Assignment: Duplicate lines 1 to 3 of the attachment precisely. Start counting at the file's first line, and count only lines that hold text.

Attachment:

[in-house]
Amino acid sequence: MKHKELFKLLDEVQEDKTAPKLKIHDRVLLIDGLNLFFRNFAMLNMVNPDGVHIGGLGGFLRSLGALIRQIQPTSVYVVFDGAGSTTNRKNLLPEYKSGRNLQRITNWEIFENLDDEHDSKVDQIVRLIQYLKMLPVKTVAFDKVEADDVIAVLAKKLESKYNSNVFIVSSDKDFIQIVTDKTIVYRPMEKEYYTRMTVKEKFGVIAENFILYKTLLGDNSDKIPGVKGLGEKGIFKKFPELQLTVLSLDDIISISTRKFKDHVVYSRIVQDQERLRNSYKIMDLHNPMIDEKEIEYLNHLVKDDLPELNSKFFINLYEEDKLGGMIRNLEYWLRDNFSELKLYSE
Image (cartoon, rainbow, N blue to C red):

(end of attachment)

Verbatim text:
[in-house]
Amino acid sequence: MKHKELFKLLDEVQEDKTAPKLKIHDRVLLIDGLNLFFRNFAMLNMVNPDGVHIGGLGGFLRSLGALIRQIQPTSVYVVFDGAGSTTNRKNLLPEYKSGRNLQRITNWEIFENLDDEHDSKVDQIVRLIQYLKMLPVKTVAFDKVEADDVIAVLAKKLESKYNSNVFIVSSDKDFIQIVTDKTIVYRPMEKEYYTRMTVKEKFGVIAENFILYKTLLGDNSDKIPGVKGLGEKGIFKKFPELQLTVLSLDDIISISTRKFKDHVVYSRIVQDQERLRNSYKIMDLHNPMIDEKEIEYLNHLVKDDLPELNSKFFINLYEEDKLGGMIRNLEYWLRDNFSELKLYSE
Image (cartoon, rainbow, N blue to C red):